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3 hours ago, Luke said:

The first two aerial shots, Did you use the lume cubes for those ? I can see the new lighting kits at work in these photos. Really does make a difference. Beautiful.

No lights on the drone shots, just exposed for the highlights and brought out the darker details in post.

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3 hours ago, JBR LIFE Photography said:

No lights on the drone shots, just exposed for the highlights and brought out the darker details in post.

You did a very good job making these photos really POP. Is the last one a pano ?

I'd love to live there....too bad I don't have 3 million dollars. You should have Chuck buy it and I can take care of the place while hes gone. A place like that probably needs up keep.?

Edited by Luke
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15 minutes ago, Luke said:

You did a very good job making these photos really POP. Is the last one a pano ?

Mahalo Luke!  The last is a single frame.  I rarely do pano work for projects, unless I know they're going to print it large, like giant sign or even billboard (so glad we don't have billboards here...not allowed, and no need anyway...small island).

Regarding making the images pop, I'll share with you some knowledge that was passed to me by a dear friend, who recently retired from Apple as Senior Photographer.  Of course I'm paraphrasing, but I'll give it my best reiteration.

From the moment you conceptualize a photo in your mind's eye, that photo begins a journey.  Its journey will last through all of the steps involved -capturing the image with a camera, processing it afterward, being presented for final viewing, whether online or in print.  You should have every step of that journey in your mind before you ever press the shutter button.

The point is, shoot for your edits, so you can properly edit for your shoot.  If you haven't already, find out where your cameras max out on dynamic range from light to dark, and then you know how to find the best balance of camera settings to suit your editing, producing the image you desire.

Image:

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4 minutes ago, JBR LIFE Photography said:

Regarding making the images pop, I'll share with you some knowledge that was passed to me by a dear friend, who recently retired from Apple as Senior Photographer.  Of course I'm paraphrasing, but I'll give it my best reiteration.

From the moment you conceptualize a photo in your mind's eye, that photo begins a journey.  Its journey will last through all of the steps involved -capturing the image with a camera, processing it afterward, being presented for final viewing, whether online or in print.  You should have every step of that journey in your mind before you ever press the shutter button.

The point is, shoot for your edits, so you can properly edit for your shoot.  If you haven't already, find out where your cameras max out on dynamic range from light to dark, and then you know how to find the best balance of camera settings to suit your editing, producing the image you desire.  

I remember you telling me that awhile ago in my Camera Settings thread I made. I've thought a lot about that. I still think about it even when I'm in our shop welding. (until I realize I'm screwing up the project I'm working on. hehe) Thank for the advice. I really appreciate it.